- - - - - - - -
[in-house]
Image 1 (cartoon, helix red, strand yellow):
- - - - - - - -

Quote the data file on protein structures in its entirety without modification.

[in-house]
Image 1 (cartoon, helix red, strand yellow):